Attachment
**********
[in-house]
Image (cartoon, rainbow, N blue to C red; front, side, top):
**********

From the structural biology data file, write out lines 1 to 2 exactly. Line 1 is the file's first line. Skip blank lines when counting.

[in-house]
Image (cartoon, rainbow, N blue to C red; front, side, top):